Bill Russell: 18:59 Why can’t we visualize the data in this way? And you know, having those clinicians there to, to, to ground us in terms of process as well as very attuned to the patient’s very attuned to the, uh, the consumers of healthcare and what they’re asking for as well. So that’s a, that’s a great, you know, typical technologists, I’m going to say analytics of if I’m talking to a college student, analytics will, will, will not steer you wrong. A data science is not going to steer you wrong anytime in the next decade. I don’t believe a ai programming is one of those things that I believe we’re going to need more of. We’re going to be teaching the machines how to think, how to process information. Um, you know, we, we’d have a digital vision, digital obviously machines or are hearing us now and we’re going to need people that can sort of build those new constructs for us and insecurity. I mean, we’ll get into security in your article that you shared. Um, there’s, you know, we’re, we’re at war right now. I mean, there’s a cyber war going on and uh, you know, need people to sign up for that. So, uh, you know, you gave us one of the strategies, uh, you know, give us some of the other strategies that ceos can employ to find the best talent.
David Muntz: 20:24 The approach that I’ve used that worked well was the summer intern activity. We used to beg, borrow, and steal to get into the budget enough money to do things. But you can take students from anywhere and everywhere. And to let you know, the only time that we brought on a student stay with us was one of them moved back to be close to her parents, but we used to get five to eight people every summer and grow our own. And the fact is the enthusiasm is really great quality to find in any employee and these people would start at the lowest level to get a good understanding. We put them with the help desk and that would give them a big exposure and a good test of patience, but would also allow them to see the diversity of needs president, have them do the,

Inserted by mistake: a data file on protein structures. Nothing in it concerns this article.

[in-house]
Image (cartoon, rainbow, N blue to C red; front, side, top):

Bill Russell: 21:19 what are the steps to set up a good internship program. Because here’s when, when I went to St Joe’s, I was kind of surprised we didn’t have one within it. We were bringing out. We’re actually, we bringing high school students for one week over the summer. And that was, that was fascinating. That was great for my team. My team loved that week of working with those high school kids. But how do you put together a good, uh, program that’s going to appeal to undergraduates as well as graduate students to bring them in and expose them to healthcare?
David Muntz: 21:50 Truthfully, I have to tell you that my administrative assistant is the one who made this a success.
Bill Russell: 21:56 We’ll have to have your administrative assistant on, Huh?
David Muntz: 21:59 She’s fabulous. Won employee of the year in the healthcare industry that I’m in Dallas. So I’m really telling you that she deserved the credit, but they’re, our enthusiasm for those kids to get it experiences is huge. And so the pool is very large, larger than you can possibly imagine. So I would call together my direct reports and their direct reports and we would scour through the resumes and um, you know, we, we made guesses at what would be good fits based on what they had experienced and what they put down mission and goal in life. Uh, and we really didn’t focus as much on the technology things as we did again, on the soft skills, um, because if you hire the right person, they can pick up the technical skills. And um, again, having been very deliberate about the time, making sure that you have somebody administratively taking care of the program is a real key to that.
Bill Russell: 22:58 Yeah. One of the things I love that our data team did was they started tapping into the Grad, the various graduates and even phd programs and we set up a way for them to access anonymized data within our system that they could, they could, uh, they were doing really neat things and part of that was almost a retraining of our, of our data team internally because they weren’t, they were coming face to face with the most and we were not an academic medical center so we didn’t have the access that most of that, at least an academic medical center would have to that, that level of academic rigor and whatnot. And so by partnering on that level, but we were seeing all sorts of new ways of visualizing data of really breaking it apart. So don’t just look at the college interns, you know, the kids with no money. I’m also, you know, try to figure out ways to tap into those phd programs because you know what they want access to healthcare, they want access to the data. It’s so benefits them to partner with a with a health system that has a lease their act together in terms of providing access to that level of depth within the healthcare organization.